When I get a bit confused on how characters are acting, I try to jump out of America's head and hop into Aspen's or Maxon's. I have some scenes from their POVs, and I think I'll get to share that with people eventually. I really appreciate how honest they both are about where they are in life and what they want, and both of them are going for it with all they have. They're passionate, and I respect that.

What has been your favorite part of your publishing journey so far?
Just one? Are you kidding? I loved getting my agent, Elana Roth, and I adored getting my editor, Erica Sussman. These two women have made the whole process amazing! It's also been wonderful to get to know other authors and see that we all go through similar ups and downs. It's been fun to watch readers get excited, and the book is still two months away! And the whole adventure of translating The Selection to a television show has been a whirlwind of coolness. It's all been a blast!

Thanks Kiera! Congrats on the casting of Ethan Peck as Prince Maxon.  If I wasn't already excited about the show, that'd do it!

THE SELECTION comes out on April 24, 2012.  Find out more about it at the author's website.  Kiera is giving away one swag pack with bookmarks and buttons.  Enter via this form by March 6, 2012 at 11:59 pm CST. Open internationally.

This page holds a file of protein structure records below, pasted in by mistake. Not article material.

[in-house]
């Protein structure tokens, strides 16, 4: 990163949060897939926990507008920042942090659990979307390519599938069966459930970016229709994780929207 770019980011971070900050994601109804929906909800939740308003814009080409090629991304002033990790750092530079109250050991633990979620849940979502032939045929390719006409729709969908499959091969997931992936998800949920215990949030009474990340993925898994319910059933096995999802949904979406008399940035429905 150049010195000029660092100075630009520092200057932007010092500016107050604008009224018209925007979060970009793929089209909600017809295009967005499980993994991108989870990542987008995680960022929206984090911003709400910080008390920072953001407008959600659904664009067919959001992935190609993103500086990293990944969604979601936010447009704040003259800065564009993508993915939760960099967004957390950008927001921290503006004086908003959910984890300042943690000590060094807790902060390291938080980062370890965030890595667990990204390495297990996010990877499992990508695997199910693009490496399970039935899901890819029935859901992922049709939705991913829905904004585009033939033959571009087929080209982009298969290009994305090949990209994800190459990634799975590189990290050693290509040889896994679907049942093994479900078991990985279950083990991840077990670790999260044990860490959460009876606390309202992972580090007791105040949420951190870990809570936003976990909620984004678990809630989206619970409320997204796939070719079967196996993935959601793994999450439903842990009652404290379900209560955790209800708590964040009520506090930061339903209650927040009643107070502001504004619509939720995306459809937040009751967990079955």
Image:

FTC disclosure: I received a review copy from the publisher.

Sunday, February 26, 2012

Dystopian February Recap Week 4

February has just flown by hasn't it? Here's what happened this past week on #dystopianfeb - in case you missed anything.

This week in book reviews:

NOTE: In a policy change, I'm giving each book I review a merit badge in one of the following categories: World-building, Action, Romance, Twisty Reads, and Great Writing (see the merit badges here - they are ADORBS! and read more about the philosophy behind the merit badges here) so if you know you prefer world-building books over all else, you'll know which titles to look out for.

THE FORGETTING CURVE by Angie Smibert (Zombie Chicken Merit Badge for World-building)

MONUMENT 14 by Emmy Laybourne (Discussion with Michelle of Galleysmith)

STRUCK by Jennifer Bosworth (Zombie Chicken Merit Badge for Writing)

THIS IS NOT A TEST by Courtney Summers (Zombie Chicken Merit Badge for Writing)

PARTIALS by Dan Wells (Zombie Chicken Merit Badge for Twists)

This week in author interviews:

Mari Mancusi previews TOMORROW LAND (Digital release, Feb 2012)